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Session: 2022/23

Last modified: 30/03/2022 13:47:41

Title of Module: Career Development Theory

Code: CGAD11007 SCQF Level: 11
(Scottish Credit and Qualifications Framework)
Credit Points: 20 ECTS: 10
(European Credit Transfer Scheme)
School:School of Education & Social Sciences
Module Co-ordinator:R  Alexander

Summary of Module

This module introduces students to the critical analysis of theories of career development, career decision making and transition. Theories are analysed and their significance and relevance to professional practice is critically evaluated. The module explores psychological and sociological theories of career decision making and the extent to which theoretical positions are reflected in models of practice and service delivery.

  • Critically analyses a range of psychological and sociological postulations relating to career development, career decision making and transition

  • Critically analyses the influence of theories of career development on models of professional practice/service delivery

  • Critically analyses the application of theories to specific client groups

  • Engages students in career development-related inquiry through the construction and analysis of career development qualitative research

Module Delivery Method
Face-To-FaceBlendedFully OnlineHybridCHybridOWork-based Learning
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Term used to describe the traditional classroom environment where the students and the lecturer meet synchronously in the same room for the whole provision.

A mode of delivery of a module or a programme that involves online and face-to-face delivery of learning, teaching and assessment activities, student support and feedback. A programme may be considered “blended” if it includes a combination of face-to-face, online and blended modules. If an online programme has any compulsory face-to-face and campus elements it must be described as blended with clearly articulated delivery information to manage student expectations

Fully Online
Instruction that is solely delivered by web-based or internet-based technologies. This term is used to describe the previously used terms distance learning and e learning.

Online with mandatory face-to-face learning on Campus

Online with optional face-to-face learning on Campus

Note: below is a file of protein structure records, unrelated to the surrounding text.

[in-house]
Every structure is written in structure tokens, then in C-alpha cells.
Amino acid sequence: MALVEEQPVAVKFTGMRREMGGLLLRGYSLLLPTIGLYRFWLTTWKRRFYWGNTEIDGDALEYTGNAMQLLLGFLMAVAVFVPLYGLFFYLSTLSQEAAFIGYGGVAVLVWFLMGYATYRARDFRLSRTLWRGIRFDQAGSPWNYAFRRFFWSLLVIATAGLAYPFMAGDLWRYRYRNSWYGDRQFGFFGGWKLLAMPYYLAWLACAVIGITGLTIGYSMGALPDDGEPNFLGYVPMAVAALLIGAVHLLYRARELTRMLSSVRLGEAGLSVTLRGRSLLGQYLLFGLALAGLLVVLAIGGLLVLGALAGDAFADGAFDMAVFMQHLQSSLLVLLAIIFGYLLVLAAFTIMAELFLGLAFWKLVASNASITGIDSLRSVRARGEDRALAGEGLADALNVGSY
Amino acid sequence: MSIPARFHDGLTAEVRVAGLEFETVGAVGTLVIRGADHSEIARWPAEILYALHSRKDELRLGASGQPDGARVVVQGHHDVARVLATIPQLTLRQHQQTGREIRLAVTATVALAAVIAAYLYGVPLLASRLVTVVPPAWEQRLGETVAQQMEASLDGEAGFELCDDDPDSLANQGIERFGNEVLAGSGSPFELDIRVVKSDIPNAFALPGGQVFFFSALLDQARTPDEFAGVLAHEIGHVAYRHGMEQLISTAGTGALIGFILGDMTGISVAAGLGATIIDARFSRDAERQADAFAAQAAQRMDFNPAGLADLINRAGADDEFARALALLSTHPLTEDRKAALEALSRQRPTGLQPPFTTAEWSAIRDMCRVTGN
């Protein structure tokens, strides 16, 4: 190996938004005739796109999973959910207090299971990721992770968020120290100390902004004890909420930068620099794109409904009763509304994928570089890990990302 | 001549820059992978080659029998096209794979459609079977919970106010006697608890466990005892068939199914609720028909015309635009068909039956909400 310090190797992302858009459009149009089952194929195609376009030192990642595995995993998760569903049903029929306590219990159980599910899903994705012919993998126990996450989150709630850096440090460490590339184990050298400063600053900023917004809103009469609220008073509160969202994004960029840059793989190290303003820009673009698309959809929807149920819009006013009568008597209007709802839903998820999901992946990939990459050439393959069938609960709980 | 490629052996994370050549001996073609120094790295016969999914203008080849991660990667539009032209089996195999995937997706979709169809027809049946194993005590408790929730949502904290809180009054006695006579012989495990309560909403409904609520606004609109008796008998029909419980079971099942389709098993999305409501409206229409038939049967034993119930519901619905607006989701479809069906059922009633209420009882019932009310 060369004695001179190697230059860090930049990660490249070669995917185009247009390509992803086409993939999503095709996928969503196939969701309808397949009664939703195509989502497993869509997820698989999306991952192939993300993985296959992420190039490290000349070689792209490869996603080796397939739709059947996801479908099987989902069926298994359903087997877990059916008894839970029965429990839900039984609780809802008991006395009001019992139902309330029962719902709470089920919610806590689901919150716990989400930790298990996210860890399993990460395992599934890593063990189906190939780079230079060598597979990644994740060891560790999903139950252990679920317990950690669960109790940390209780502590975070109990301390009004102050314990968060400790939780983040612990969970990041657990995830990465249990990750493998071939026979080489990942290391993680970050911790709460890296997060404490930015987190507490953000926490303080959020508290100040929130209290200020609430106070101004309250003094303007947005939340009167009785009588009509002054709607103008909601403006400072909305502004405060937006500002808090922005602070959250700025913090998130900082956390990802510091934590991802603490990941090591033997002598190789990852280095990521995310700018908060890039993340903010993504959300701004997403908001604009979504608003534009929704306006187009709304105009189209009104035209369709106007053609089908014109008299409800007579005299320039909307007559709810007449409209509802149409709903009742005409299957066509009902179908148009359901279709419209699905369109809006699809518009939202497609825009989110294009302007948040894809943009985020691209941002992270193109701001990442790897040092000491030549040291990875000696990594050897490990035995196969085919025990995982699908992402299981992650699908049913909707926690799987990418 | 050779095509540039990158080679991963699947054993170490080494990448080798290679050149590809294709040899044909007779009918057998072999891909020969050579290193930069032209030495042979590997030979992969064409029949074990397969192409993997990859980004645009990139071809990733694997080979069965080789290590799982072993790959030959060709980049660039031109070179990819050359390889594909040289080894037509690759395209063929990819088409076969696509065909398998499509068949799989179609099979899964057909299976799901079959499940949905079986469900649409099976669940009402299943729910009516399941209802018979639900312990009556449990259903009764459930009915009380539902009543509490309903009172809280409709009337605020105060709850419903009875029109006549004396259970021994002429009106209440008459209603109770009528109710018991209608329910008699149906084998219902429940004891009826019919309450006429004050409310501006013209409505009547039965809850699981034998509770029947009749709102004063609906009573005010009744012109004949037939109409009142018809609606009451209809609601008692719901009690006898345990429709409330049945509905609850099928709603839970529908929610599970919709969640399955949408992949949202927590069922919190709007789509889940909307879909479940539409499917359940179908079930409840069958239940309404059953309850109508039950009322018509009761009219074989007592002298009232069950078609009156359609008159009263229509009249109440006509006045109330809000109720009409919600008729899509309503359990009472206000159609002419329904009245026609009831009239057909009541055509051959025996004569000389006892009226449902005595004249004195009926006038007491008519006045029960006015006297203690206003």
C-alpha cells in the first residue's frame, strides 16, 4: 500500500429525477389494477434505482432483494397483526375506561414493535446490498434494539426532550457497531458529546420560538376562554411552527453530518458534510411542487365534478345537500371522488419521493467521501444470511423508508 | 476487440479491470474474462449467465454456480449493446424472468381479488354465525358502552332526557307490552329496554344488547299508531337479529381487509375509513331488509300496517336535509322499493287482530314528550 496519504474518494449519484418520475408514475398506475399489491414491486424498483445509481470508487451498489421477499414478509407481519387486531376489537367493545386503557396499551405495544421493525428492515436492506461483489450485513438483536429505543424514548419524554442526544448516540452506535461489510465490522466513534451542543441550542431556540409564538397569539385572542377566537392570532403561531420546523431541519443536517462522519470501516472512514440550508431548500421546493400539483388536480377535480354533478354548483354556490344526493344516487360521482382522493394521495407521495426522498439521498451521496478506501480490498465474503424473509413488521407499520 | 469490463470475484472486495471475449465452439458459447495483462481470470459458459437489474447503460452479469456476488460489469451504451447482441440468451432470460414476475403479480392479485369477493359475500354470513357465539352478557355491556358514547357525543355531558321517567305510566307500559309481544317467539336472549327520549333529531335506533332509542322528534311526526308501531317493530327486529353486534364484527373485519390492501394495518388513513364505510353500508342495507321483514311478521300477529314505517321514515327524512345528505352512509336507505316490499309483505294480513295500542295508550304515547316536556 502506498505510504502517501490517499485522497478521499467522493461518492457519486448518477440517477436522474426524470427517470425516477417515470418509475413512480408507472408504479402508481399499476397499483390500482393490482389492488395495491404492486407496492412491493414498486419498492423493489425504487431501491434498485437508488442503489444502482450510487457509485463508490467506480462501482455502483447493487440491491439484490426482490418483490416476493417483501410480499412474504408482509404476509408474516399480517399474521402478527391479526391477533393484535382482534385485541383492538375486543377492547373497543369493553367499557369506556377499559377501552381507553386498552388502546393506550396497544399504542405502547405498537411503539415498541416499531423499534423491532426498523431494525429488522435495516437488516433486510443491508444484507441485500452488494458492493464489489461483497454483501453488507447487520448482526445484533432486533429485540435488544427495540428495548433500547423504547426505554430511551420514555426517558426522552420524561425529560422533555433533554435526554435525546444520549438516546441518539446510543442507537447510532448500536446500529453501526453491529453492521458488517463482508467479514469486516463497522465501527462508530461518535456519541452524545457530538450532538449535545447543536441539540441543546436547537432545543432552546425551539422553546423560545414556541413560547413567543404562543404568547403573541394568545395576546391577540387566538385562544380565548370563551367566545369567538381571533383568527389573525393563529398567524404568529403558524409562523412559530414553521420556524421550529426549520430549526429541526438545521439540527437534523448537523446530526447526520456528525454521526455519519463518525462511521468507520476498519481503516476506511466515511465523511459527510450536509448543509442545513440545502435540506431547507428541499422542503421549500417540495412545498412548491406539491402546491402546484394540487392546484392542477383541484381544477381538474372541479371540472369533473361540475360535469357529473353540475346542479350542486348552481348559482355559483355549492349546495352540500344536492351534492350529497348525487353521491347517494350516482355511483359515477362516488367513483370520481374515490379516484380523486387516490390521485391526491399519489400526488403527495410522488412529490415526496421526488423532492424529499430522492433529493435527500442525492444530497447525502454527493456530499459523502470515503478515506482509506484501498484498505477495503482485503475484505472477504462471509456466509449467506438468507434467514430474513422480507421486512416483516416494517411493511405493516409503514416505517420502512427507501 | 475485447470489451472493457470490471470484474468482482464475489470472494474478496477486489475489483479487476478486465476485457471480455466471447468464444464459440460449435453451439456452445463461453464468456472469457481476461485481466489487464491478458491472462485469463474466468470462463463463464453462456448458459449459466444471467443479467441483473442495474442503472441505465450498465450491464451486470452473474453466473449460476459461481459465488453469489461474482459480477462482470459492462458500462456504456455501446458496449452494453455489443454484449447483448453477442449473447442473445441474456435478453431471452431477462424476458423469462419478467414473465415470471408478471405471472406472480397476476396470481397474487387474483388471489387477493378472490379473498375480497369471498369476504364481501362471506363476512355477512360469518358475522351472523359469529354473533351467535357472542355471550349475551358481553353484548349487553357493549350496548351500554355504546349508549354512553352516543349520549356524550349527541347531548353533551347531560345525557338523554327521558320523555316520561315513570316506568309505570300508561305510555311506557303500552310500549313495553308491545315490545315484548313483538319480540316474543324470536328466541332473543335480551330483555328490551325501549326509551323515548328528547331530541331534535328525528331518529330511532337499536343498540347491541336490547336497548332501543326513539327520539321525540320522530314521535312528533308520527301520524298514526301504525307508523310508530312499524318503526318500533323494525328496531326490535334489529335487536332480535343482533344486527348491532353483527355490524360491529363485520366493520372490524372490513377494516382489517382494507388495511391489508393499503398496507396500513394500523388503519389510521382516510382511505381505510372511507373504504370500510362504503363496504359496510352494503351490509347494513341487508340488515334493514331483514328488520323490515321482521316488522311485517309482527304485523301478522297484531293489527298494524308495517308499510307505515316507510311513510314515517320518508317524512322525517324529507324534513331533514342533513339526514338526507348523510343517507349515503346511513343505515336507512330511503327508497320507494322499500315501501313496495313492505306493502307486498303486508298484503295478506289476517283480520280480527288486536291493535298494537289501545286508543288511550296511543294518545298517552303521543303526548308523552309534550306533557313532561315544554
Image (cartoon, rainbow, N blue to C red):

Work-based Learning
Learning activities where the main location for the learning experience is in the workplace.

Campus(es) for Module Delivery
The module will normally be offered on the following campuses / or by Distance/Online Learning: (Provided viable student numbers permit)
Paisley:Ayr:Dumfries:Lanarkshire:London:Distance/Online Learning:Other:
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Term(s) for Module Delivery
(Provided viable student numbers permit).
Term 1


Term 2check markTerm 3


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Learning Outcomes: (maximum of 5 statements)

On successful completion of this module the student will be able to:

L1. Demonstrate critical knowledge and understanding of the principal theories and models of career development.

L2. Apply understanding of career development theory to professional contexts.

L3. Critically evaluate competing theories and models of career decision-making.

L4. Convey complex academic conclusions to an expert audience in appropriate written forms.

L5. Demonstrate effective autonomous academic practice by devising, planning and executing a small inquiry project.

Employability Skills and Personal Development Planning (PDP) Skills
SCQF Headings During completion of this module, there will be an opportunity to achieve core skills in:
Knowledge and Understanding (K and U) SCQF Level 11.

Demonstrate a critical understanding of the principal theories of career choice and decision-making, including those relating to empowerment, motivation and facilitating career planning and development, drawn from the disciplines of psychology and sociology.